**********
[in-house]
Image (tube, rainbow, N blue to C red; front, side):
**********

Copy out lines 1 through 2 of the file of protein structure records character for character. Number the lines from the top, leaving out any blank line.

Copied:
[in-house]
Image (tube, rainbow, N blue to C red; front, side):